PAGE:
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When I was growing up I remember that my parents wouldn’t let my brother play baseball. Where we lived apparently the baseball parents were not the most calm and collective people in the stands. Go figure. If you have kids that are playing sports you might be able to relate to what I’m talking about.

This past weekend was Deacon’s championship game – which by the way could there be a cuter baseball player than the picture above?!?!?  At the game I was a bit embarrassed by a few of the parents as they yelled at the coaches and umpires. Need I remind you that these kids are 7, 8, & 9. There was no state championship on the line. No college world series. Just a bunch of kids having fun.

Here’s the deal, I want to win as much as anyone else wants to win, but that doesn’t mean I can act crazy and yell at the coaches, umpires, and kids. Here’s my words to you crazy parents out there:

1.  Your child is not the best. You may think they are, but they are not.  I think as parents we are doing our kids a disservice when we lead them to believe that they are the best. When we make them feel as though they can do no wrong on the field, we are breeding pride in them and a lack of a desire to improve. On that same note you need to stop talking about how bad the other kids are on your kids team in front of your kids. This is so tacky and basically teaching kids that they don’t need to work as a team and reenforcing to them that they are the best. If you want your kid to be a team player, then don’t teach them that it’s okay to talk badly about the other players. That’s not how a team works.

2.  We also need to let our kids mess up and STOP YELLING AT THEM when they make a mistake. For the love of all things, they are kids. Let them play and have fun. Let them learn the game by making mistakes and learning to correct them without us breathing down their neck telling them every time they miss a ground ball, or overthrow to first. I literally want to crawl under the bleachers when I hear parents yelling at their kids after they mess up. Remember the time I talked to Deacon during half time at a basketball game? Never again will this momma do that.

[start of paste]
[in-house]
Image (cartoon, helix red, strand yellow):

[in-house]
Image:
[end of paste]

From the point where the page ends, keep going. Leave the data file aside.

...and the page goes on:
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3.  Unless your coaches are getting paid you don’t have a right to yell at them from the stands. Give me a break. These coaches are volunteering their time to help your kid, so unless you are willing to pay them a salary or get your butt out there and coach shut your mouth. Thank them for their time. Encourage them. And for goodness sakes, don’t talk badly about your kids coach in front of your kid. Do you want to raise a kid that has no respect for authority? Bashing your kids coach in front of them will only give them reason to not listen to their coach, disregard his advice, and think that they know more than their coach. Good luck to that kids high school coach.

Coaches and Umpires are going to make mistakes. They are human. If you don’t agree with everything they do and all the ways they coach, then leave the team. But might I suggest you stay and allow it to be a time of teaching for your kids. Do you think you are always going to love every coaching style your kids might sit under? No way. Teach your kids to adapt and learn new ways to do things.

My number one advice is to have fun. Deacon’s team didn’t win one game this last Spring, but we continued to push on never bashing his teammates or his coaches. At the end of the day we all want to win, but we’re raising kids here that need to know there is more to a game than winning. The odds are stacked against you if you think your child will go on to play MLB, so let’s use this time to not worry about perfecting his form, but instead building his character.

The truth of this is that our kids character will outlast their baseball abilities. They need to know that, and so do you.

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